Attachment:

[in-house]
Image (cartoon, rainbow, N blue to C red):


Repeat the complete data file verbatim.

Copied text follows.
[in-house]
Image (cartoon, rainbow, N blue to C red):